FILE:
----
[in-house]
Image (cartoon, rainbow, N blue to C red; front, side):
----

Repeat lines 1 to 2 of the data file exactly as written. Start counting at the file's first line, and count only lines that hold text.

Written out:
[in-house]
Image (cartoon, rainbow, N blue to C red; front, side):